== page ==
Big thanks to Ben and Julie for serving as my podcast guinea pigs!

This was my first podcast, so there are more than a few editing blunders, but overall, I am satisfied. I created this podcast on my macbook through Audacity, a free, open-source sound program for basic recording and editing.


A screen shot of a zoomed-in waveform of Audacity

I also downloaded a cafeteria ambient track by user thedapperdan from The Free Sound Project, a user-driven website that allows you to download sounds for free! Unfortunately, wordpress doesn’t let you upload audio unless you upgrade your account (one of the few setbacks of this blog hosting site), but I was able to host my podcast through Andrew’s website {sound + design} and zSHARE, a free file-sharing program. I heart free and open source.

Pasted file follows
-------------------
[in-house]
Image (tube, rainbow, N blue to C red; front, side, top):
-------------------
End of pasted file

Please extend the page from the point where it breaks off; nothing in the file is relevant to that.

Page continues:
new year grad suggestions

January 7, 2009

Hope you all had a good holiday. I just got back to Edinburgh. I have about seven months left in the UK, so I want to make the most of my time here and this blog. I don’t really believe in new year’s resolutions, but here’s a rough list of things I hope to do/accomplish this next semester:

Sign up for the gym. Because of my accident, I couldn’t do strenuous exercise for about three months, but now that my injury has stabilized, I want to start going to the gym and getting in shape. Unfortunately, the University of Edinburgh’s Centre for Sport and Exercise isn’t free; a membership costs £95 for a full academic year. Considering international fees are about £10,000 a year, tuition should include a gym membership. Nevertheless, I am still planning to exercise, especially after eating kilos of pain au chocolats, gorgonzola pasta, and tiramisu on this holiday.